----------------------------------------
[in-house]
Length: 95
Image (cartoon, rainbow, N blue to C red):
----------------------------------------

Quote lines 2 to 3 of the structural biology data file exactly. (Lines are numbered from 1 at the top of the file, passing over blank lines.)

Length: 95
Image (cartoon, rainbow, N blue to C red):